These hands. Strong and powerful. Soothing and gentle. As if these embody a complete character, the whole persona. A person engrossed in her life, fulfilling its duties religiously. Duties as a daughter, as a wife, as a mother, as a homemaker — as an epitome of tolerance, patience and acceptance as life comes.
Her hands do not have manicured fingers as an epitome of fashion; her hands are age ridden, filled with lines, time-worn yet experienced and comforting. You are seeing the hands of my 79 year old grandmother. Her hands are diligently working on an Indian cutting utensil.
Usually, a picture of withering hands doesn’t exude common appeal or beauty — but this image has a significant effect on me, on us — to be precise. Those hands offered a soft and silent refuge when we needed it, being most articulate through an unique quietness.
Those hands raised my mom, my uncle and aunts, me and cradled all of us from a bout of pain to a restful sleep. They are hands that quietly calmed the storm of life that surfaced from time to time.
I remember the blessed, peaceful touch of her fingers. She held us all; even if she wasn’t feeling well and especially when our entire life seemed upside down. Her hands soothed us without a question or judgment; she understood our need for the human caress.
I remember those anxious hands on my forehead when I was running a 104-degree temperature and trying to soothe my pain. It’s amazing I don’t recollect her face — I only remember her touch.
I remember those hands shaking, trying to hold the phone steady, while absorbing the news of her daughter’s accident, and then later offering help in an open hand and clenched assurance, all in prayer for everyone.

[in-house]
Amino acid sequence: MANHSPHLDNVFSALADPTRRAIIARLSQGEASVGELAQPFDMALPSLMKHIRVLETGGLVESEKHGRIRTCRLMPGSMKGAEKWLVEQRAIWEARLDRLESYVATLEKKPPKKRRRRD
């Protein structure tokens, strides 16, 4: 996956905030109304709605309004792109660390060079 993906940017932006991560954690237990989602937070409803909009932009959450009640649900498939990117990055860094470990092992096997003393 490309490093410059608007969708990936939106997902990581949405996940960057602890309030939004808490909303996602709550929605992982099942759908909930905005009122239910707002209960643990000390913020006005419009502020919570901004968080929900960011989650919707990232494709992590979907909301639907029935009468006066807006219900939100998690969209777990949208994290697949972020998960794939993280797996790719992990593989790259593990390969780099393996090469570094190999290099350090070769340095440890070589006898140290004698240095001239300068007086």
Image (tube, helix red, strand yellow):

I remember those hands clapping to celebrate her grandson’s achievement — but interestingly enough — I do not remember those hands doing something for their owner.
Did she feel deprived? I am not sure.
Did her hands spoil us? No.
Did they punish us? Negative again.
Grandmother knew the perfect combination of indulgence and discipline blended together ensuring a wonderful, complete world.
At this point in my life, 10,000 miles away from that relaxing assurance, I know how hard it can be to offer the same tranquility through all those years.
Was my grandmother ready for these earthly responsibilities when she was 19 instead of 79? She never raised a hand to complain.
The amazing strength of those two hands working in unison still surprises me — of which she is probably not aware.
Where did she gather the courage and power to absorb all pain of her life and still be able to offer that soothing pat on our backs when our life seemed crushing down?
There was no martyrdom; not even a slight trail of claiming it.
Can I be that consistent when I am 79 years old? I wish I could, but I am not that certain.
(Credit for the image of my grandmother’s withering hands goes to my cousin, Baijayanta, who is involved in social work — you can tell by his wonderful work that those hands touched him, too.)